R code to detect support and resistance levels

Support and resistance levels are quite popular among traders. Although they are implemented in many apps and services, an open source implementation of the algorithm is hardly available. We try to close the gap.

The source code in R is as follows

###################################################################
detectSupportResistance <- function(timeSeries, tolerance=0.01, nChunks=10, nPoints=3, plotChart=TRUE)
{
    #detect maximums and minimums
    N = length(timeSeries)
    stp = floor(N / nChunks)
    minz = array(0.0, dim=nChunks)
    whichMinz = array(0, dim=nChunks)
    maxz = array(0.0, dim=nChunks)
    whichMaxz = array(0, dim=nChunks)
    for(j in 1:(nChunks-1)) 
    {
        lft = (j-1)*stp + 1  #left and right elements of each chunk
        rght = j*stp
        whichMinz[j] = which.min(timeSeries[lft:rght]) + lft
        minz[j] = min(timeSeries[lft:rght])
        whichMaxz[j] = which.max(timeSeries[lft:rght]) + lft
        maxz[j] = max(timeSeries[lft:rght])
    }   
    #last chunk
    lft = j*stp + 1  #left and right elements of each chunk
    rght = N
    whichMinz[nChunks] = which.min(timeSeries[lft:rght]) + lft
    minz[nChunks] = min(timeSeries[lft:rght])
    whichMaxz[nChunks] = which.max(timeSeries[lft:rght]) + lft
    maxz[nChunks] = max(timeSeries[lft:rght])
    
    result = list()
    result[["minima"]] = NULL
    result[["minimaAt"]] = NULL
    result[["maxima"]] = NULL
    result[["maximaAt"]] = NULL
    span = tolerance*(max(maxz) - min(minz))
    
    rang = order(minz)[1:nPoints]
    if((minz[rang[nPoints]] - minz[rang[1]]) <= span)
    {
        result[["minima"]] = minz[rang[1:nPoints]]
        result[["minimaAt"]] = whichMinz[rang[1:nPoints]]
    } 
    
    rang = order(maxz, decreasing = TRUE)[1:nPoints]
    if((maxz[rang[1]] - maxz[rang[nPoints]]) <= span)
    {
        result[["maxima"]] = maxz[rang[1:nPoints]]
        result[["maximaAt"]] = whichMaxz[rang[1:nPoints]]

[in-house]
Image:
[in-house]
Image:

} 
    
    if(plotChart)
    {
        ts.plot(timeSeries)
        points(whichMinz, minz, col="blue")
        points(whichMaxz, maxz, col="red")
        if(!is.null(result[["minima"]])  &&  !is.null(result[["minimaAt"]]))
            abline(lm(result[["minima"]] ~  result[["minimaAt"]]))
        if(!is.null(result[["maxima"]])  &&  !is.null(result[["maximaAt"]]))
            abline(lm(result[["maxima"]] ~  result[["maximaAt"]]))
    } 
    
    return(result)    
}




The function parameters are the following:

timeSeries a univariate numeric vector of (evenly-sampled) price observation. If you use OHLC prices, you may separately fit support and resistance levels to, respectively, lows and highs.

tolerance Virtually no support or resistance level is perfectly horizontal. Thus we allow some tolerance (in percentage of max(timeSeries)-min(timeSeries)) for the difference of the first and the last extreme. The default value of 0.01 maybe too restrictive, so you may try 0.02 and 0.03

nChunks Number of chunks to split the timeSeries. At each chunk the maximum and minimum will be detected.
If one does not split the time series in chunks but just detects the first largest extreme, second largest extreme, etc, these extreme values will likely be too close to each other. Generally, it is difficult to recommend the "optimal" number of chunks but 10 seems to be a good trade-off if the time series contains at least 200 observations.

nPoints How many extremes to consider by fitting support or resistance level. It is commonly believed that a level should fit to at least three extremes (and it is really hard to fit more than three, esp. if tolerance is low). Thus the default value of 3 is really not bad.

plotChartWhether to plot the results or not.

This video demonstrates how the routine fits the levels to 1min data for EURUSD close prices

detectSupportResistance(EURUSDoneMin, tolerance=0.03, nChunks=12, nPoints=3, plotChart=TRUE)

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